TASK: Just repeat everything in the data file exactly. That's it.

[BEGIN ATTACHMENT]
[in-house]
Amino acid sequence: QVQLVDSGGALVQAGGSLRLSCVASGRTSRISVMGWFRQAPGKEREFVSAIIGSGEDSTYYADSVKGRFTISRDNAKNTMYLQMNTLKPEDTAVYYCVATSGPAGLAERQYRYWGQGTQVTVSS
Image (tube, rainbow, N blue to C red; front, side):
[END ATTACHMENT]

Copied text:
[in-house]
Amino acid sequence: QVQLVDSGGALVQAGGSLRLSCVASGRTSRISVMGWFRQAPGKEREFVSAIIGSGEDSTYYADSVKGRFTISRDNAKNTMYLQMNTLKPEDTAVYYCVATSGPAGLAERQYRYWGQGTQVTVSS
Image (tube, rainbow, N blue to C red; front, side):